The House shows Trump what real US climate leadership looks like
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In recent months we’ve watched wildfires rage across the West, floodwaters rise in the Midwest and communities across the country struggle with the impacts of climate change. Addressing the climate crisis is more urgent than ever — especially for low-income communities and communities of color who bear a disproportionate burden of polluters’ unchecked actions. We need our elected officials to put people before polluters and tackle the greatest crisis we face before it’s too late, and this week’s floor vote on the Climate Action Now Act (H.R.9) in the U.S. House of Representatives is an important first step in the right direction.

Speaker Nancy PelosiNancy PelosiBiden coronavirus relief bill tests narrow Democratic majority Some Republicans say proxy voting gives advantage to Democrats Gun violence prevention groups optimistic background check legislation can pass this Congress MORE (D-Calif.) and her committee chairs are demonstrating the new House majority’s strong commitment to tackling climate change. They’ve held nearly 30 hearings this year on climate change and have made the Climate Action Now Act a part of the first 10 bills reserved for top priorities of the Speaker. This bill would make sure the U.S. meets its commitments under the Paris Climate Agreement and tackles the climate crisis head-on. It is a welcome reversal of the eight years of climate denial and inaction under the extreme Republican leadership of the U.S. House of Representatives.


The landmark Paris Climate Agreement was a critical turning point in combating the climate crisis, which is already having devastating impacts on our health, our economy and our environment. But in one of the earliest actions of the Trump administration, the president — ignoring calls from scientists, activists, faith leaders, health professionals, national security experts and more — announced his intent to withdraw the United States from the agreement, thus ending our country’s climate leadership on the global stage. Since then, this extreme administration has systematically rolled back protections that safeguard communities across the country, communities that are struggling to deal with increasingly extreme weather, rising sea levels and other negative impacts of climate change and toxic pollution.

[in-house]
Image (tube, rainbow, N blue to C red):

But in the 2018 midterm elections, voters across the country flipped the House and elected a pro-environment majority — a definitive statement that people want action on climate change and clean energy. Since then, Speaker Pelosi and House Democrats have already taken several exciting steps to make climate change a top priority. Pelosi tapped veteran Rep. Kathy Castor (D-Fla.) to lead the Select Committee on the Climate Crisis, and the chairs of the Energy and Commerce, Foreign Affairs, Natural Resources, and Science Committees — Reps. Frank Pallone (D-N.J.), Eliot Engel (D-N.J.), Raúl Grijalva (D-Ariz.) and Eddie Bernice Johnson (D-Texas), respectively — have already held multiple hearings on addressing the myriad impacts of climate change. Dozens of members of Congress have joined calls for a Green New Deal to create good jobs and accelerate a just transition to a clean energy economy, and many more are rolling up their sleeves and proposing solutions to combat this crisis and hold polluters accountable.

H.R.9 is now making its way to the floor for a vote as the first piece of climate legislation put forward by the new pro-environment House majority. This legislation would block the administration from using any federal funds to withdraw from the Paris Agreement and instead requires the president to develop a plan for how the United States will meet the pollution reduction goals in the Paris Climate Agreement. Despite the Trump administration’s abdication of responsibility as a global leader in addressing this crisis, our champions in the U.S. House and in states across the country are picking up the mantle to take strong, meaningful action on climate change. From halting offshore drilling to eliminating dangerous contaminants, protecting public lands and curbing carbon emissions, environmental leaders in this Congress are already hard at work to protect communities and address climate change. For the sake of our communities, economy, security and health, we need Congress to continue to move climate legislation like the Climate Action Now Act forward to meet the greatest challenge of our time. We thank Pelosi, Castor and all of our champions for their leadership.

Gene Karpinski is president of the League of Conservation Voters.